The Maryland Black Caucus never complained about a single word of this statutory structure. And why should they – it all made perfect sense. Newly formed markets can be fragile, and early over-supply can irreparably damage market participants. Too much competition can be terrible. Just look at the early railroad industry. Applicants for the 15 licenses risked multitude of millions of dollars in reliance on this statutory structure. The State of Maryland induced them to risk their capital on the basis of a process, and a structure for the market, that everyone agreed to.
No Sanctity of Government Promises
But according to the Maryland Black Caucus, it doesn’t matter that the State of Maryland, the government of all of the people, had made such promises. In their view, the “injustice” of no awards to African-Americans is racism, pure and simple, and everyone should get out of their way to fix it. Injustice begets injustice. Their solution – issue five new licenses now for minority-led groups. It doesn’t matter to the Maryland Black Caucus that there is no market need for these new five licenses. They don’t care that the 15 Maryland-based investor groups, full of Marylanders who risked their capital based on the law that the Maryland Black Caucus approved, could suffer grievously. The Maryland Black Caucus ignores the principle that governments should not make such promises to their citizens, enshrine them in law, and then renege. No, none of that matters. It’s racism.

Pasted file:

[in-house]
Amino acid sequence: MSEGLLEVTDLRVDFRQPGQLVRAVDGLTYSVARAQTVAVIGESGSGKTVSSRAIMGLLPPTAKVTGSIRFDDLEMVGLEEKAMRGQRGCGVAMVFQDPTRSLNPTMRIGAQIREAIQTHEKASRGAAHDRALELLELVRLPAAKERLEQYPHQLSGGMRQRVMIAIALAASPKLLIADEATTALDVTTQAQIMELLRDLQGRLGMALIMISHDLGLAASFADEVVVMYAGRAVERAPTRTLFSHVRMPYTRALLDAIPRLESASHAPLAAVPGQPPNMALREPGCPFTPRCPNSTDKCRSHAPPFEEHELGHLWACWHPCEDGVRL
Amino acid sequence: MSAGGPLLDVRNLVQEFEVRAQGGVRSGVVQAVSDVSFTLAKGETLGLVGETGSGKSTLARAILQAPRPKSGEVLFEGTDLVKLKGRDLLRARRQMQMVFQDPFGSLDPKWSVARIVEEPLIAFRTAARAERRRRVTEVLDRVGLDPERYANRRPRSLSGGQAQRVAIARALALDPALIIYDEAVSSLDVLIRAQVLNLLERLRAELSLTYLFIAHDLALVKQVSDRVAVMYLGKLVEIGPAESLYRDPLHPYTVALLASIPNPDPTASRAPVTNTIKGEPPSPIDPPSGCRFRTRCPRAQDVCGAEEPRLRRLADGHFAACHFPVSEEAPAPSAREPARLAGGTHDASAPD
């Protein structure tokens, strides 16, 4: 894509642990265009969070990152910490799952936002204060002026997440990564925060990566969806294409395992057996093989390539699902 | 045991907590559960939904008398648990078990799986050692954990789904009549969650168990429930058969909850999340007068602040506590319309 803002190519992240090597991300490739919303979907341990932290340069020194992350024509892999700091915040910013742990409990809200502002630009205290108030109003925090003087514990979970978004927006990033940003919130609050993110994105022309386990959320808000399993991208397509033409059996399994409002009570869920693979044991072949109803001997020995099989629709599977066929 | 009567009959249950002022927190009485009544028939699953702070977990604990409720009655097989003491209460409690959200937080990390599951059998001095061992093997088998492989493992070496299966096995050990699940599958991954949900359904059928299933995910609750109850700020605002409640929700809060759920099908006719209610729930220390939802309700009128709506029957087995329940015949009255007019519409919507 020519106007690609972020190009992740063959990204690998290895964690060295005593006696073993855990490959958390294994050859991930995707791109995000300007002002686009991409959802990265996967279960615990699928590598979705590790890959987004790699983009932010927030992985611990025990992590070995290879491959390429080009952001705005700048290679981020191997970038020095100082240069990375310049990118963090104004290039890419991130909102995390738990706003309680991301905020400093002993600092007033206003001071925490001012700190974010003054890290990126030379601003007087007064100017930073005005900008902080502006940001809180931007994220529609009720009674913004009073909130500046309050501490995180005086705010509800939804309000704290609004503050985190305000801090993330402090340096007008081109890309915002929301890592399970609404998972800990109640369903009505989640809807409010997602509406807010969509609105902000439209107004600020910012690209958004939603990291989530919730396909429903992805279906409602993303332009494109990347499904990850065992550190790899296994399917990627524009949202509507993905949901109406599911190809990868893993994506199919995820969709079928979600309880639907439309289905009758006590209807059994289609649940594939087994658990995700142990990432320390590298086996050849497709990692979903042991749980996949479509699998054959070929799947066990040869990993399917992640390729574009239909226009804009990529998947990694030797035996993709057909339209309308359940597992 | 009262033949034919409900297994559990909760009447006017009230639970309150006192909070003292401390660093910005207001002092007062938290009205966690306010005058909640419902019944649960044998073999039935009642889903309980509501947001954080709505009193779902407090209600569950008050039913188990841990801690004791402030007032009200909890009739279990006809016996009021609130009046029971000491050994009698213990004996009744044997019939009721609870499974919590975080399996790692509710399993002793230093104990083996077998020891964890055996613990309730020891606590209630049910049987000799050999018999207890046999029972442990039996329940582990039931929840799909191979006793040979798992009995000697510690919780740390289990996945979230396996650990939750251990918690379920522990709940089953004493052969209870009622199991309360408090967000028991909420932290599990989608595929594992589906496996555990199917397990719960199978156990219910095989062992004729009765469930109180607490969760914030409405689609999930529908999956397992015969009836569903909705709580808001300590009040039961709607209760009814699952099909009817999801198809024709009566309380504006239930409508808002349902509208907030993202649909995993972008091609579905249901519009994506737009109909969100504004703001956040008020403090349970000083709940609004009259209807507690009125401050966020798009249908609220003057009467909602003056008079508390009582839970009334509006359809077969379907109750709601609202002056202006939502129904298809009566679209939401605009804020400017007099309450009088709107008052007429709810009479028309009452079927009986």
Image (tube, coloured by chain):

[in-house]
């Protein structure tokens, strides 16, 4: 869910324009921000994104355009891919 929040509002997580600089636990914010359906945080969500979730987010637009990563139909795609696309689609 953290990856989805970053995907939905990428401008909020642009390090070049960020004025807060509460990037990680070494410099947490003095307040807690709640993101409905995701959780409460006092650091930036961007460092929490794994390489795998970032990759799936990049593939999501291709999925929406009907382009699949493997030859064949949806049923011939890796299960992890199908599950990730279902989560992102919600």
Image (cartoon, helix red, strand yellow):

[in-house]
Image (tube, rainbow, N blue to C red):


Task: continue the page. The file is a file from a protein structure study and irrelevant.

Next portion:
The Lack of Racial Preference Was in the Open
It’s not as if Maryland hadn’t thought about granting African-Americans and other minority racial groups a preference. Whether that is appropriate or not we leave to another day. The original law contemplated granting a preference based on race. But the Maryland Attorney General opined that preference for minority business owners may violate the Maryland Constitution. In his view to grant a racial preference requires a study to evaluate whether discrimination exists in the medical cannabis industry. If, and only if, such discrimination was established could a racial preference be considered. None of this is a surprise to anyone. All of this was in the wide open for all to see.
Eleven of the 15 Maryland approved growers reported demographic data to the Maryland cannabis commission. That data revealed that 85% of the eleven winning owners are white, 8% are black, and 7% had a third racial identity. Maryland also issued licenses for “processing”, and the relevant data there indicates that 73% of the winning owners were white, 15% black, and 12% were a third racial identity. The Maryland Black Caucus dismisses all of this. The Maryland marijuana commission provided that data. According to the MBC the Commission, they claim without evidence, is “corrupt.” That’s certainly responsible leadership. Feed paranoia without explanation. Do anything to support your claim of racism so you can get your way.
It’s All About Money
“The minority community deserves a piece of the action,” according to attorney William Murphy, who shared a post-mortem platform with the Maryland Black Caucus. Well, everyone certainly wants a “piece of the action”, to use Mr. Murphy’s reference. That’s why everyone was free to submit a growers application. And that’s why the commission used a double-blind selection process – so that everyone who submitted would get a fair chance. This was all inherently fair to all participants. Indeed, what could be fairer. Unless “fairness” has nothing to do with it and you just want a set-aside.
When the Maryland Black Caucus couldn’t persuade other legislators to make the statutory changes they demanded “it almost makes you feel like you’re on a plantation,” according to Black Caucus member Bilal Ali.
Yep, that’s leadership. That’s beneficial to the African-American community. We suggest it is demeaning. And it falls on deaf ears, as it should.